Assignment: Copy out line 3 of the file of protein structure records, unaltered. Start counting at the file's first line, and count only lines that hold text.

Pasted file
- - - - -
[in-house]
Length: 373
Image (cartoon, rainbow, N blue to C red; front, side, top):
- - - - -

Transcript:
Image (cartoon, rainbow, N blue to C red; front, side, top):